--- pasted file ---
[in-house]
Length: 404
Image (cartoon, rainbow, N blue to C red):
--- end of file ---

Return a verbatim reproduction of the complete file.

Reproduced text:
[in-house]
Length: 404
Image (cartoon, rainbow, N blue to C red):